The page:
"And you're still the ugly and muscly bastard I left ten years ago!" Piotr replied with a wink, slapping the big man on his chest. "I've returned to Ekaterine only today!"

"Then we must celebrate tonight with vodka and my best borscht, else some pretty young thing whisk you away from us again!" Narasov was now in high spirits, the day's work at the cannery now pushed out of his mind. "Will you join me now in a quick nip?"

"Actually, if you wouldn't mind, old friend," Prokovief said with a more serious tone and frowning slightly, "I would rather we talked for longer than a shot of vodka."

Nasarov, seeing the intensity in Prokovief's eyes, nodded. "Give me ten minutes. I'll go speak to my pal in the cannery and let them know to cover for me. How about we meet each other at the Commissar Fried Chicken?"

Despite the serious nature they were going to discuss, Prokofiev couldn't help but smile again. "The Commissar's still open?"

"And still cooking the birds in diesel oil," Nasarov chuckled, shaking his head. "Let me treat you to lunch. We have a lot to talk about, it seems."

"More than you know, Josef," Prokofiev nodded. "More than you know."

* * *

"Glad you could spare the time, comrade," Prokofiev said as he shook Nasarov's hand in a firm grip.

"I will not work my hands and my back when a good friend visits me," Nasarov stated with a sense of pride.

"I'm happy to hear it, Josef. Let's take a seat?"

"Lead the way, Piotr," Nasarov motioned to the restaurant and allowed his friend to walk ahead.

"Let's sit in the courtyard, away from the street, even if everyone is attracted to the Commissar's grease," Prokofiev suggested with a grin. "We need a little bit of privacy."

"Of course, comrade," Nasarov nodded as he picked out a table near the rear of the courtyard. "This is a good spot... far away from the street but not so close to the apartments behind us."

"Good, good. We may be here a while, so let's order some food," Prokofiev said as he took his seat.

"And the vodka!" Nasarov laughed. "Wait here, I'll be back in a moment."

Nasarov entered the store as Prokofiev took out his diary and began to write in it. The smell of cooking grease assaulted his nostrils as it spewed from the smokestack just above him, but he had smelled and felt much worse in the many factories, manufacturing plants, warehouses, and canneries he had visited and worked in the past ten years.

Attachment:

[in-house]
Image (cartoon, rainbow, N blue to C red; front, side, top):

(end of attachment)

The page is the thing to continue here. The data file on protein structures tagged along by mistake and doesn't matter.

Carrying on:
He's still got the ears of the workers, that's good, Piotr thought as he concluded the entry and began to plan a schedule to explore the political landscape in Ekaterine. Maybe I'll need to keep away from an overly political slant if I want to convince Josef.

Josef returned outside after a couple of minutes carrying a tray with two plates of fried chicken and a few sorry-looking greens, two shot glasses, and a bottle of cheap-but-potent Novistranan vodka. Prokofiev stood to take his plate and cup while Nasarov arranged his own plate.

"So tell me what it is you have in mind, Piotr," Nasarov prompted as he poured the bottle of vodka between them.

"I want to overthrow Karasov's government."

Nasarov paused mid-pour, staring at his friend and frowning as if he didn't understand what he had heard. "What was that, comrade?"

"I said, I want to overthrow Karasov's government," Prokofiev repeated, crossing his arms.

Narasov put the bottle down, still frowning at Prokofiev, then began to laugh. "Oh, that's a good one, Piotr! For a moment I thought you were serious!"

"I am deadly serious, Josef," Prokofiev continued, picking up his glass of vodka and raising it towards his friend. "And I want you to join me."